The parish is projected to roughly double in size in 20 years, and evidence of the family-friendly lure of the rural exurb is everywhere: tract home developments unfurl throughout, with children playing ball or biking or pushing go-carts.
The school district has added six primary schools since 2002, when the last new high school opened in Dutchtown. A seventh K-5 school amid the Orange Grove subdivision in Sorrento is under construction, and land is being eyed in Prairieville and Gonzales for more. The public-school system has avoided a surge in charter institutions like the one seen in East Baton Rouge, underscoring the faith that local parents put in Ascension education and its superior test scores.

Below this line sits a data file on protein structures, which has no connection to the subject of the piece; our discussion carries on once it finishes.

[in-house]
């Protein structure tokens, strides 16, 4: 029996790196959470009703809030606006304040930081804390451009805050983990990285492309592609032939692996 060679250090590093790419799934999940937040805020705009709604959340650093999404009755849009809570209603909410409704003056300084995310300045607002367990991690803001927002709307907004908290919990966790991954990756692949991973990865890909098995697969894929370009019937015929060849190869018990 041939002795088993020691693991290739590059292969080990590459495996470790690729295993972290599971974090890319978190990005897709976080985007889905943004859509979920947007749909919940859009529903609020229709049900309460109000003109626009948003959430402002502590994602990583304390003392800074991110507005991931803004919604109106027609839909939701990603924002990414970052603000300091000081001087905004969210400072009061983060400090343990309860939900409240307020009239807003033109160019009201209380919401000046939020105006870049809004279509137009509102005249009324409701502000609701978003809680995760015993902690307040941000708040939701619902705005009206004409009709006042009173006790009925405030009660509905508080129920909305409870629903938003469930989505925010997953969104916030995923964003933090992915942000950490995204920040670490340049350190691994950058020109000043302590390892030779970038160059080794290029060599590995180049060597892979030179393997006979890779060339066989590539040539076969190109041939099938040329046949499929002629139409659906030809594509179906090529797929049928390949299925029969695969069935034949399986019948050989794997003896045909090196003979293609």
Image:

“We’re fourth in the state at this point,” parish President Tommy Martinez says. “It continually draws more and more families. Rather than pay for private schools, they come here and get a good quality education.”
Although much of the population growth in the parish is ascribed to commuters north to Baton Rouge or south to metro New Orleans, Martinez also notes the attractor of “20-some chemical plants” along the Mississippi River that provide employment and critical tax revenue. “We’re not nearly as congested as the city itself,” he says. “We still have a bit of a rural characteristic.”
Yet the rapid settlement—almost 37% from 2000-09—has meant projects in Prairieville, Dutchtown, Gonzales, Sorrento and elsewhere have plunged suburban enclaves into the broad, rural area amid mobile-home parks and farmland. For those people who lament the gradual end of a more bucolic way of life apart from citified Baton Rouge, the problem is that change has already come, and much more is in store.